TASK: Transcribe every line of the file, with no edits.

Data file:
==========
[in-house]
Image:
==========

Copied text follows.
[in-house]
Image: